SOLLA News and Views

03 December 2021

Views: The new standard is a must for equity release advisers

Vanessa HKJ 4883 white2SOLLA’s Later Life Lending Advice Standard is a must for any financial planner who wants to be the best they can as a specialist equity release adviser.

The course material really pushes you to not just update your learning but constantly keep it refreshed. You’re also required to understand certain issues around later life, like care funding and vulnerability. This helps you see the bigger picture as an adviser, so you’re better equipped to provide holistic guidance to your clients.

The assessment is challenging, but it should be. We’re advising consumers at a pivotal point in their lives, so it’s imperative the advice we give is right for their circumstances.

Association with SOLLA is very beneficial

Being associated with SOLLA is fantastic, it’s seen as the gold standard in the later life industry. When consumers and fellow professionals see the SOLLA logo in my email signature and marketing material it creates a lot of trust and consolidates my credibility.

As a holder of the LLLAS, I also get ongoing access to an ever-growing library of brilliant training resources, including up-to-the-minute webinars.

Achieving the standard had an immediate positive impact on my advising

I achieved the standard in August 2021, and it had an immediate impact on how I deliver advice to my clients, with one particular example that sticks out.

I was contacted by Fiona, she’s single and in her 60s. Her job was making her extremely unhappy and she was on antidepressants as a result. Her mind was made up that she wanted to leave her job as soon as possible and then planned to retire. However, this approach would mean she’d no longer be able to afford her mortgage and may have to sell her home.

Fiona came to me having worked out how much money she thought she’d need to cover her mortgage and the income she’d lose before her state pension kicked in. The LLLAS encourages advisers to challenge client assumptions. So, my advice questioned what Fiona thought she wanted and, crucially, how much money she thought she needed.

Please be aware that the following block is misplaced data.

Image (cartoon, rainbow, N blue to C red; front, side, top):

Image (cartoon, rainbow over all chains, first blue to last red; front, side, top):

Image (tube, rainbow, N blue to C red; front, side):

After a consultation, I found there was so much she hadn’t considered, including any benefits she might be eligible for. And she hadn’t realised she didn’t need to secure all the necessary funds in one go, or release a huge chunk of cash up front. I also learnt that she was highly likely to inherit money in the future, another factor that completely changed her circumstances.

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I was able to see the bigger picture and keep my client’s options open

With the bigger picture in mind, I was able to keep options open for my client that her initial plans may have closed doors on.

Instead of selling her home, she’s been able to take out a lifetime mortgage with a cash reserve to draw down from if she needs to. Taking out a smaller amount of money upfront meant she was able to reduce the interest on her loan. It also meant she remained eligible for certain benefits and with my help has been able to claim Council Tax Reduction and other means-tested benefits.

I’ve had amazing feedback from Fiona, who’s now much happier. Her mental health has improved so much that she’s now considering looking for new full-time employment.

This was a hugely satisfying case for me. I not only achieved a positive outcome for my client, which is always my aim, but did it by putting into practice what I’d learnt from the LLLAS.

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https://laterlifelendingstandard.co.uk/